- The Washington Times - Monday, March 16, 2009

NASA has started beaming live video from just outside the International Space Station, but there’s a catch: The online feeds are available only when the station’s crew is asleep or off duty.

That’s because NASA has only four communications links for sending data to Earth and wants to have all of them free for day-to-day operations while the crew is awake and working, agency spokesman Kelly Humphries said.

NASA also opted not to show video from inside the cramped space station to give astronauts privacy. “It would be like Big Brother looking over your shoulder 24/7,” he said.

When the crew is asleep and the Web streaming is going on, remote cameras will show Earth or other parts of the sky as seen from the space station, or parts of the station’s exterior as it orbits 225 miles above Earth.

The rest of the time, while the crew is awake, viewers will get an illustration showing the station’s current location or live NASA television coverage of breaking space events.

The live Internet feed will include audio from mission control to the station.

NASA already produces about an hour a day of live television coverage from the space station with commentary from Johnson Space Center in Houston. That program will now be available on NASA’s Web site, as well.

MIT professor wins $250,000 Turing Award

A Massachusetts Institute of Technology professor won the $250,000 Turing Award, one of the most prestigious honors in computing, for helping to make computer programs more reliable, secure and easy to use.

Barbara Liskov, only the second woman to win the prize, was honored Tuesday for pioneering new designs in computer languages that gird everyday digital applications.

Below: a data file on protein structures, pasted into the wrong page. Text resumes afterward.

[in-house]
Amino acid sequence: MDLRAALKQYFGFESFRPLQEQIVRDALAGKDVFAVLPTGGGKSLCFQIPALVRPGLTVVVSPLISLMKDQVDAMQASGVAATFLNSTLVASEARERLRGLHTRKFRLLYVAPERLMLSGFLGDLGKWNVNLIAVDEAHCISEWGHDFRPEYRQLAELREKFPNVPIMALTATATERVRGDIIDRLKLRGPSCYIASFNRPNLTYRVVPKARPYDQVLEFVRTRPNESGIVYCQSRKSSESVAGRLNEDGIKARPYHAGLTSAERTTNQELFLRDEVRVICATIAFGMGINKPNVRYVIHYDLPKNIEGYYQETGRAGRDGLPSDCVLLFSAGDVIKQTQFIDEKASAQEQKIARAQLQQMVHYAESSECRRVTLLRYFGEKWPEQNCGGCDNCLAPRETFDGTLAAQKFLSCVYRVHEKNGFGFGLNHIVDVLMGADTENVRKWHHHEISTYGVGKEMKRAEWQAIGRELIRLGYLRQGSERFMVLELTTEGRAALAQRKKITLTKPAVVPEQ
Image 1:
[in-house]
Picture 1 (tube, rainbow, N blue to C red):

“Her exceptional achievements have leapt from the halls of academia to transform daily life around the world,” MIT Provost L. Rafael Reif said. “Every time you exchange e-mail with a friend, check your bank statement online or run a Google search, you are riding the momentum of her research.”

The Association for Computing Machinery, which awards the Turing, said Ms. Liskov revolutionized the programming field after she was the first U.S. woman to be awarded a Ph.D. in computer science, which she got from Stanford University in 1968. Ms. Liskov has been an MIT professor since 1972.

Ms. Liskov’s early work in software design has been incorporated into major programming languages for more than three decades. Her innovations in data abstraction — a way of organizing complex programs — has helped made software easier to write, modify and maintain.

In an interview, Ms. Liskov explained that her work “has to do with ‘modularity,’ taking complex systems and breaking them into small pieces to keep them simple.”

The Turing Award, to be presented June 27 in San Diego, is named for the late British mathematician Alan Turing. Past winners include Internet pioneers Vint Cerf and Robert Kahn.

Its prize money comes from Google Inc. and Intel Corp.

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